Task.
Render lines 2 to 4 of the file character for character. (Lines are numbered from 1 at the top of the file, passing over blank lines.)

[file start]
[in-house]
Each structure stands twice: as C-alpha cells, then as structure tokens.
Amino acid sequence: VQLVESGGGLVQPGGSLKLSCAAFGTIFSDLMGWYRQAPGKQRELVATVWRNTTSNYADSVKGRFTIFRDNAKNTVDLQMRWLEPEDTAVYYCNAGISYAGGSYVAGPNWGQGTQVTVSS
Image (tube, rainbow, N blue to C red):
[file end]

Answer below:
Each structure stands twice: as C-alpha cells, then as structure tokens.
Amino acid sequence: VQLVESGGGLVQPGGSLKLSCAAFGTIFSDLMGWYRQAPGKQRELVATVWRNTTSNYADSVKGRFTIFRDNAKNTVDLQMRWLEPEDTAVYYCNAGISYAGGSYVAGPNWGQGTQVTVSS
Image (tube, rainbow, N blue to C red):